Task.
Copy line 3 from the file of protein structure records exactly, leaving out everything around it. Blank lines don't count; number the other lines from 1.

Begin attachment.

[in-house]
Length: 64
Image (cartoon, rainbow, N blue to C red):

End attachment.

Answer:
Image (cartoon, rainbow, N blue to C red):